Children often get a scare at Halloween, but it is nothing compared to the fear that the self-employed can experience when getting their income tax returns completed by October 31.
But it doesn't have to be a traumatic experience if you are well prepared.
Most taxpayers in the self-assessment system have received a 'pay and file' reminder recently. The first thing you need to do is send a tax return to the Revenue. This lays out what you have earned -- or lost, as the case may be -- in 2009. This document is a legal requirement, so don't mess with it.
Often people will send in a cheque or payment based on what their accountant has calculated with the tax return. Whatever way you do it, you'll need to have all your taxes for 2009 completely paid up by the end of this month.
But you are not home and dry just yet. The Revenue will also want you to pay most of your tax liability for 2010 in what they call a 'preliminary tax'. It must amount to at least 90pc of the 2010 final liability or 100pc of the liability for 2009.
Those who are computer savvy have until November 16 if you pay and file online using the Revenue online service (ROS).
It is important to pay the correct amount of preliminary tax and to pay it on time, otherwise you will be exposed to penalties that quickly mount up. The first is interest of 0.0219pc per day. That may not seem like much but it adds up to 8pc per annum and it's not up for debate. The second is a surcharge if you miss the October deadline. This amounts to 5pc until December 31, 2010, or 10pc if you dally until after that date. The surcharge will also be included in the daily interest rate charge, so potentially you could be looking at an all-in penalty of nearly 20pc a year for late payments or returns. That's severe enough to make borrowing on your credit card look like value!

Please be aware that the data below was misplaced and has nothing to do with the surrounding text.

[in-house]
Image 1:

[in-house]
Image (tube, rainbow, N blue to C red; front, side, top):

If you have a genuine doubt as to the tax treatment of an item in the return, there is an option to file an expression of doubt, which, if genuine, will protect you from penalties for filing an incorrect return.
When you submit your tax returns, the Revenue will reply with a Notice of Assessment, with their interpretation of your tax liability. If you disagree with this assessment, you can lodge an appeal in writing to the Inspector of Taxes, but you will need to do it within 30 days from the Notice of Assessment's issue date.
Remember, even if you are not sent a 'pay and file' reminder or you are not on Revenue's records, it is still up to you to ensure you are tax compliant. So if, for example you have taken over the family farm from your parents, suddenly you are not the employee anymore and may be liable for tax.
The newest aspect of everyone's tax liabilities is the income levies that came into effect on January 1, 2009. It is a levy payable on aggregate income, before any relief for capital allowances, losses or pension contributions, and thanks to our banking mess has increased even since it was introduced.
PRSI and health levies have also increased in some cases. Self-assessed people are in general liable to pay PRSI and Class S.
You can see from the tables that PRSI and levies now account for a major part of preliminary tax.
Cat and CGt Tax
Your 2009 tax return must contain details of any gains on disposal of chargeable assets arising in the 2009 tax year.
Where a capital gain arises in the period January 1 2010 to November 30 2010, the resulting Capital Gains Tax liability is payable by December 15 2010. If the gain arises in December 2010, the resulting tax is payable by January 31 2011.
For 2009 the normal rate of Capital Gains Tax accruing up to 7 April 2009 was 22pc. This rose to 25pc from April 8 2009. There is also now a windfall rate of Capital Gains Tax of 80pc in limited circumstances.
Where the valuation date relating to gifts and inheritances arises on or after June 14 2010, the self-assessment system for Capital Aquisitions tax also applies. For 2010, this system applies to valuation dates from June 14 to August 31 2010.
All of the normal self assessment rules apply with the additional requirements that the Revenue on line system (ROS) must be used where relief is being claimed. This would include Agricultural Relief, Business Relief etc.
Last week: In relation to last week's article on the Capital Gains Tax due where land, milk quota etc is transferred to a child, it is important to note the exemption from this tax only applies in the following situations:
Michael Hough is a tax specialist with Owen Sweetman & Co.